A note on wildlife classification

How we have structured our species list

On this page we will explain which classification systems we are using to organise our species records. Appreciating how species relate to one another is often helpful when developing identification skills. It is also interesting and often surprising to learn how some species are more closely related than others. For example the shade tolerant plant Lords & Ladies, is closely related to the Duckweed you find carpeting ponds.

The simplest classification system, and the one we are most accustomed to, is the Five Kingdom Classification. Although viewed by many as out of date, especially since genetic information has become more economic to gather, it is still a very useful and relatively accurate system for our purposes.

It places all life on earth into one of the following five Kingdoms

Animalia, Plantae, Fungi, Protista and Monera

Each Kingdom is subdivided into smaller and smaller groups of more and more closely related species. To better illustrate this lets take the Common Blackbird as an example. We all know it’s an animal, so along with every other animal on the planet it has been grouped into the Kingdom Animalia.

The animal kingdom (as are all five kingdoms) is then subdivided into Phyla. The animal kingdom has many phyla but most animals belong to just one of the following seven;

Porifera, Cnidaria, Platyhelminthes, Annelida, Mollusca, Athropoda and Chordata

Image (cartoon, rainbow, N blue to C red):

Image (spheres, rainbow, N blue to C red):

Only animals with a backbone will be found in the phylum Chordata, which is where our blackbird resides, birds having a backbone just like humans (also Chordata). But clearly birds and humans are not the same, and so it is that each phyla is subdivided again into Classes and it is at this level that humans and birds part company. Humans fall into the Class Mammalia, where as our Blackbird finds itself grouped with all other birds in the Class Aves.

Birds come in all shapes and sizes, clearly having evolved in many different ways and some are more closely related than others. So Class Aves is further divided into groups know as Orders, and our blackbird resides within the order Passeriformes (Passerine birds).

But still there is further subdividing we can do and beneath the Order Passeriformes are a number of more closely related species divided into Families. In this case the family Turdidae. At the time of writing this article our species list contains two representatives of this family, blackbirds and song thrush. Indeed Turdidae is known in English as the Thrush family.

As we all know the Latin name for any species is unique to that species and comprises (most the time) to two names. The first is the Genus name and here both the Blackbird and Song Thrush share the same Genus (first) name, the not very apt Turdus. Species within the same Genus are as closely related as can be without actually being the same species. The second name relates specifically to the individual species and it is the combination of these two Latin names that is specific to each species. In this case Blackbirds are Turdus merula, while Song Thrush are Turdus philomelos. Note Latin names are nearly always written in italics and the species (second name) never starts with a capital letter.

So here it is, the blackbird classification in full…

Animalia (Kingdom), Chordata (Phylum) , Aves (Class), Passeriformes (Order), Turdidae (Family), Turdus (Genus), merula (Species) – Blackbird